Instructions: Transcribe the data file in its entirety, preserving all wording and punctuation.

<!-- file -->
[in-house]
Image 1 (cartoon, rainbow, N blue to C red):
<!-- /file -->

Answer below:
[in-house]
Image 1 (cartoon, rainbow, N blue to C red):